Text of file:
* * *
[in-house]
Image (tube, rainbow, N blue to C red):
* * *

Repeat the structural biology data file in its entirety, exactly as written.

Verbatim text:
[in-house]
Image (tube, rainbow, N blue to C red):